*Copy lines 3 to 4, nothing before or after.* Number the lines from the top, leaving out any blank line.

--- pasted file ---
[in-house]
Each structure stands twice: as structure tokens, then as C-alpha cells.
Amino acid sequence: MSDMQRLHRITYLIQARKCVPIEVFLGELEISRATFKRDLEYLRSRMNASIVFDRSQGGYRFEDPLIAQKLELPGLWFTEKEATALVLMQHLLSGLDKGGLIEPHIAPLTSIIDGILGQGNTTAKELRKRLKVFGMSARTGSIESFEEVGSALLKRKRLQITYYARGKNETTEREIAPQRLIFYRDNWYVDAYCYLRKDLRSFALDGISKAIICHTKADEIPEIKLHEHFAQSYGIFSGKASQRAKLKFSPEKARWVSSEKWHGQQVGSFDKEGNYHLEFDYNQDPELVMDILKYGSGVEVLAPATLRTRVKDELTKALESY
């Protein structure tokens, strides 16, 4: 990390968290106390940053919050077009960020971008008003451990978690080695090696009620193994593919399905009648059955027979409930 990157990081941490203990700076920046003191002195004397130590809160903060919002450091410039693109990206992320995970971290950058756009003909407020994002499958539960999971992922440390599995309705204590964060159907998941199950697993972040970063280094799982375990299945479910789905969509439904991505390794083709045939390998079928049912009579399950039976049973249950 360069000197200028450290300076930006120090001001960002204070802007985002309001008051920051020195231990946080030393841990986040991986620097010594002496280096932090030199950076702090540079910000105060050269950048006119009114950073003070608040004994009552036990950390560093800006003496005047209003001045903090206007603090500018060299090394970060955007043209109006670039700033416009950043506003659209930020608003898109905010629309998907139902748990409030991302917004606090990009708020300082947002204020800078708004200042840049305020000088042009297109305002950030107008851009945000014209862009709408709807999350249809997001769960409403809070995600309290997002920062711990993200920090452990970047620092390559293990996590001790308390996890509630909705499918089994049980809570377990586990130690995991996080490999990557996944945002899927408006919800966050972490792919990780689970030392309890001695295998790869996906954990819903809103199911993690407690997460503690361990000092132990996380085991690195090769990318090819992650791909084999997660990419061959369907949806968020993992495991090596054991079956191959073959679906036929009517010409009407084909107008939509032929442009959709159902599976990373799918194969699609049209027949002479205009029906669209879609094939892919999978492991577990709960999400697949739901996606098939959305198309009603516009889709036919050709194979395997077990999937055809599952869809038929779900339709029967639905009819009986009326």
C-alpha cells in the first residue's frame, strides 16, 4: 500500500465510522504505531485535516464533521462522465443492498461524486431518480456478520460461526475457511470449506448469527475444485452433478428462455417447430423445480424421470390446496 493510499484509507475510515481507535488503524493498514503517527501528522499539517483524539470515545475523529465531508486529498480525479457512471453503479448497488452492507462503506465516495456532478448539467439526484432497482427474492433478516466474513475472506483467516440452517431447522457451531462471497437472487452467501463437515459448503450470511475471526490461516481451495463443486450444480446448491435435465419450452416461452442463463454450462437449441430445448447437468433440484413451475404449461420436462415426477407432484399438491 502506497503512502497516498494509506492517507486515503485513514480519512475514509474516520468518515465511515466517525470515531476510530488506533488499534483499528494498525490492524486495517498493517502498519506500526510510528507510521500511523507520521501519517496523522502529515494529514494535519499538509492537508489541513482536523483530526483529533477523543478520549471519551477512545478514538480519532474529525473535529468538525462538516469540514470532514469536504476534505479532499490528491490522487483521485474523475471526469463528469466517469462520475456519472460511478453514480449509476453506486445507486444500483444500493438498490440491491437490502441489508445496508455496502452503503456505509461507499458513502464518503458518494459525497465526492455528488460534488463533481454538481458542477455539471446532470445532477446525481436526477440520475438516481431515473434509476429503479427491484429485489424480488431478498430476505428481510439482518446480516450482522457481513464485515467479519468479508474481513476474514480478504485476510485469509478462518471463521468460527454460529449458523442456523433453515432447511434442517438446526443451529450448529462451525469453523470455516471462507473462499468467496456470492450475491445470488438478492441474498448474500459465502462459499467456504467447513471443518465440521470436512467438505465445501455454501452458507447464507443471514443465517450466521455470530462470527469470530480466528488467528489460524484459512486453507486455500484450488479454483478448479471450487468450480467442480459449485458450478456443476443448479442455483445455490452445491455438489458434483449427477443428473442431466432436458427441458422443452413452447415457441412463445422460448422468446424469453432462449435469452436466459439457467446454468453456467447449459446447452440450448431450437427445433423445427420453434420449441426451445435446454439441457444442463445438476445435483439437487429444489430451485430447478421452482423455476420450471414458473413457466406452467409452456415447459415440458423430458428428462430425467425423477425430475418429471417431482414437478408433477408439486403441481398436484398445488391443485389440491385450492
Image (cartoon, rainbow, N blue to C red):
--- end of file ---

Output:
Amino acid sequence: MSDMQRLHRITYLIQARKCVPIEVFLGELEISRATFKRDLEYLRSRMNASIVFDRSQGGYRFEDPLIAQKLELPGLWFTEKEATALVLMQHLLSGLDKGGLIEPHIAPLTSIIDGILGQGNTTAKELRKRLKVFGMSARTGSIESFEEVGSALLKRKRLQITYYARGKNETTEREIAPQRLIFYRDNWYVDAYCYLRKDLRSFALDGISKAIICHTKADEIPEIKLHEHFAQSYGIFSGKASQRAKLKFSPEKARWVSSEKWHGQQVGSFDKEGNYHLEFDYNQDPELVMDILKYGSGVEVLAPATLRTRVKDELTKALESY
């Protein structure tokens, strides 16, 4: 990390968290106390940053919050077009960020971008008003451990978690080695090696009620193994593919399905009648059955027979409930 990157990081941490203990700076920046003191002195004397130590809160903060919002450091410039693109990206992320995970971290950058756009003909407020994002499958539960999971992922440390599995309705204590964060159907998941199950697993972040970063280094799982375990299945479910789905969509439904991505390794083709045939390998079928049912009579399950039976049973249950 360069000197200028450290300076930006120090001001960002204070802007985002309001008051920051020195231990946080030393841990986040991986620097010594002496280096932090030199950076702090540079910000105060050269950048006119009114950073003070608040004994009552036990950390560093800006003496005047209003001045903090206007603090500018060299090394970060955007043209109006670039700033416009950043506003659209930020608003898109905010629309998907139902748990409030991302917004606090990009708020300082947002204020800078708004200042840049305020000088042009297109305002950030107008851009945000014209862009709408709807999350249809997001769960409403809070995600309290997002920062711990993200920090452990970047620092390559293990996590001790308390996890509630909705499918089994049980809570377990586990130690995991996080490999990557996944945002899927408006919800966050972490792919990780689970030392309890001695295998790869996906954990819903809103199911993690407690997460503690361990000092132990996380085991690195090769990318090819992650791909084999997660990419061959369907949806968020993992495991090596054991079956191959073959679906036929009517010409009407084909107008939509032929442009959709159902599976990373799918194969699609049209027949002479205009029906669209879609094939892919999978492991577990709960999400697949739901996606098939959305198309009603516009889709036919050709194979395997077990999937055809599952869809038929779900339709029967639905009819009986009326």